Those in the region have started to withstand heavy rains from the storm, with Honduras and Nicaragua expecting maximum totals of 30 inches of rain through Thursday, while El Salvador in Panama can expect 6 to 10, with isolated maximums of 15 inches. River and flash flooding could soon follow with a dangerous storm surge that is likely to cause water levels to rise 10 to 15 feet, the National Hurricane Center said in an hour-long alert.
The storm surge forecast along the Nicaraguan and Honduran coasts will be accompanied by “big, destructive waves”, as well as swells that cause “potentially fatal surf and tear conditions,” the advisory said.
Colombian islands feel the first impacts
Before reaching Nicaragua, the hurricane became the first of its force to strike the Colombian islands of San Andres and Providencia in recorded history, Colombian President Ivan Duque said on Monday.
San Andres and Providencia have been part of Colombia for centuries but are geographically closer to Central America than to the Colombian mainland.
Duque said Monday that at least one person had died in Providencia and that 90% of the island’s infrastructure had been affected by Iota. The local airport is also inoperable due to the debris, Duque said.
“This is the first time that a Category 5 hurricane has hit our territory since records began,” Duque said at a national press conference from the Colombian capital of Bogota. “We are facing a problem with characteristics never seen before by our country. ”
A Navy boat was due to leave Cartagena on Monday evening to travel to Providencia with supplies, Duque said.
Central America still recovering from Eta
Iota will be the second major hurricane to hit the region in as many weeks. On November 3, Hurricane Eta made landfall as a Category 4 storm, causing landslides and flooding that displaced thousands of people and left dozens dead or missing.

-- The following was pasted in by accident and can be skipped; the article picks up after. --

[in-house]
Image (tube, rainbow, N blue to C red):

This is the 13th hurricane of the 2020 Atlantic hurricane season, which has left its mark as a historic season bringing 30 named storms – the most ever seen. This is the latest in the year that there has been a Category 5 hurricane in the Atlantic Basin, according to the hurricane center.
More than 3.6 million people in Central America have been affected by the storm to varying degrees, the Red Cross said earlier this week.
Although the extent of Eta’s damage will not be known for some time, the powerful storm, combined with the coronavirus pandemic, can have effects that last for years.
The storm loomed over Nicaragua, Honduras and Guatemala for days, with heavy rains creating floods and landslides that swept entire communities across the map.
Dozens of people in the remote Guatemalan village of San Cristobal are still unaccounted for after a landslide that swept through last week, leaving mud 15 meters deep in places.
CNN’s Hollie Silverman, Gene Norman and Robert Shackelford contributed to this report.